Book Review: “Ida” by Alison Evans (#AWW2017 @_budgie @bonnierau)

 

Those who have read Ursula Le Guin’s Left Hand of Darkness (1969) would understand the effect of gender on culture and society. Not only is our civilisation dichotomised, but the binary “norms” of human relations, from our self-identification to our perception of others, also refrain us from exploring possibilities of fluidity.

Perhaps this is why some readers find it difficult to approach Alison Evans’ Ida (Echo/Bonnier Publishing, 2017). Set in different locations across Melbourne, it tells the story of coming-of-age Ida who is capable of shifting between parallel universes yet remains frustratingly unsure where to go and what to do with her life. Ida’s partner, Daisy, is genderqueer and uses the pronoun “they”. Those indulging in binary thinking may feel confused as they reach Page 14:

[The person who was knocking on the door] is Daisy and we’re hugging until I can’t breathe and we’ve lost where we end. The wind outside is cold, but Daisy smells like beaches and warmth. I put my hands on either side of their face and hold them like I can’t believe they’re really here. They’ve shaved the sides of their head, and the short hairs aren’t spiky like I thought they would be, but soft. They lean in to kiss me and their smooth lips are strong, familiar.

This use of the pronoun “they” throughout the book creates a sense of uncertainty, which in turn assists readers to comprehend the feeling of aimlessly struggling and drifting, of being constantly disconnected and dislocated, of being misunderstood, isolated and carelessly judged, that haunts Ida. By the time she realises it is not time travel but escaping that she does, that every alternative decision she makes creates a different version of reality and a separate shadow of herself, it seems already too late and the consequences too severe for her to bear.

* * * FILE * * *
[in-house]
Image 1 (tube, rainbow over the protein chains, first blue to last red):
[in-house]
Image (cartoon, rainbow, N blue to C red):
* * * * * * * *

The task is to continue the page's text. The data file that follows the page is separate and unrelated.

In one’s attempt to understand Ida, the notion of “fixed points in time” and the consequences of attempting to disrupt or prevent them as discussed in Doctor Who may come to mind. Another interesting concept is time patrol, although, in the case of Ida, it is more about space-time, i.e. time is related to space and any discussion about time is meaningless without taking into consideration its impact on one or more physical dimensions.

In this sense, the characters Adrastos and Damaris become even more intriguing than illustrating different types of gender-fluidity, as the name “Adrastos” means “inescapable” or “non-fleeting” in the Greek language. Meanwhile, according to the New Testament, Damaris is a woman from Greece who embraced Christianity after hearing Paul’s speech in front of the Areopagus, the court for trying deliberate homicide in Athens. She may have been of high social status, a foreigner, or “an educated woman who provided companionship and intellectual stimulation to public figures”, as women of Athens back then would not likely have been present on such occasions.

While Ida may not be an easy read, those who persevere are rewarded with a brilliant story that reflects the reality of some of us who feel vulnerable and lost while trying to transition to the next stage of our life. Considering this universal theme, it may seem unnecessary to pinpoint Ida as being half-Asian or overweight, as she can be any and every one of us, who is afraid to but eventually learns to embrace who we are in order to fulfil our potentials. However hard it is to tackle the real and imagined obstacles in front of us, our salvation is knowing that we are not alone.

You can find more information about Alison Evans’ Ida here.

 

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